On June 13th and 14th, Attendance Works participated in the 2017 Campaign for Grade-Level Reading Funder Huddle in Denver. The Huddle brought together over 200+ executives and program officers from family and community foundations, United Ways and corporate giving programs, and provided an invaluable opportunity for funders to exchange ideas about how to address chronic absence as part of a comprehensive strategy for ensuring young children ready by the third grade. As the mini-plenary closing speaker on June 14th, Hedy Chang, Attendance Works' Executive Director, shared how this is a watershed moment during which states and communities have the opportunity to leverage the changes in federal law to address chronic absence.

The mini-plenary, Chronic Absence as a Policy-Worthy Lever for Change, offered an especially robust forum for sharing ideas. The speakers focused on the many states working to comply with the Every Student Succeeds Act (ESSA) are adopting chronic absence as an indicator of school quality or student success. The ESSA requires states to measure school quality and improves on the No Child Left Behind Act by allowing states and districts to round out their accountability rubrics with measures beyond test scores. In addition to meeting ESSA accountability requirements, the inclusion of chronic absence in state accountability rubrics also provides real opportunities for states, districts and philanthropists to achieve the goals of the Campaign for Grade-Level Reading, to increase the number of children from low-income families reading proficiently at the end of third grade. As this chart shows, 14 out of the 17 officially submitted ESSA plans includes chronic absence.

A key theme was the value of using data to show the impact of chronic absence on student achievement. Speakers also showed how data can help schools and communities to notice and take action when students are missing so much school they are academically at risk.

This timely discussion featured Candice McQueen, Education Commissioner for Tennessee, Carey Wright, State Superintendent for Mississippi Department of Education, Candice McQueen, Education Commissioner for Tennessee, Charlene Russell-Tucker, Chief Operating Officer for the Connecticut State Department of Education and Tom Boasberg, Superintendent of Denver Public Schools.

Equally important, the forum created an opportunity for Attendance Works to showcase the role that philanthropy can play in reducing chronic absence by honoring Jim Williamson, President of the Community Foundation of Greater New Britain. Jim’s commitment and passion for children has had a catalytic influence and played a critical role in launching and sustaining the New Britain, Campaign for Grade Level Reading.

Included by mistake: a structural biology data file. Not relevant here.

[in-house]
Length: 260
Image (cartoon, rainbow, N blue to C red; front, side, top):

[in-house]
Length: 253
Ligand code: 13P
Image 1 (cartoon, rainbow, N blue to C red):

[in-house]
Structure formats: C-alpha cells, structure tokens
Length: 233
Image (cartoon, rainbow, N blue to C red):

In particular, Jim’s leadership led New Britain educators to use data to realize they had a problem with chronic absence, and encouraged them bring together key stakeholders to identify and implement solutions. The resulting practices and dramatic reductions in chronic absence in New Britain have had ripple effects across Connecticut and ultimately the nation. “Connecticut is the first state in the nation to show consistent reductions in chronic absence for three years in a row,” Hedy said. “Jim Williamson serves as an inspiring example of how philanthropy, especially a local community foundation can have an enduring impact on improving outcomes for children.”

As the mini-plenary closing speaker, Hedy shared how today is in a watershed moment during which states and communities have the opportunity to leverage the changes accompanying the shift from No Child Left Behind to ESSA. In particular, the changes in the education law can support using chronic absence as a diagnostic tool for identifying and addressing barriers to learning and helping to target the use of community resources. “The key is ensuring policy makers and schools take a supportive rather than punitive framework,” Hedy told participants.

Hedy offered a number of recommendations to funders including:

  • Find out if chronic absence is in your state's ESSA plan or state reports
  • Promote use of chronic absence as a diagnostic tool for identifying and addressing barriers to learning, especially for vulnerable students
  • Convene stakeholders to review data and develop solutions
  • Identify key grantees who can advance the issue in your community and state
  • Build public awareness, understanding and a sense of urgency for reducing chronic absence
  • Encourage local superintendents to sign up for the Attendance Awareness Month Call to Action and play a leadership role

Especially prepared for the GLR Campaign, this brief Leveraging ESSA’s New Accountability Requirements for Chronic Absence: Investment Recommendations for Philanthropy offers additional insights and ideas.